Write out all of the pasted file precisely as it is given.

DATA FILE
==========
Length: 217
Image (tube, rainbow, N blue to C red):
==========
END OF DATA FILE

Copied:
Length: 217
Image (tube, rainbow, N blue to C red):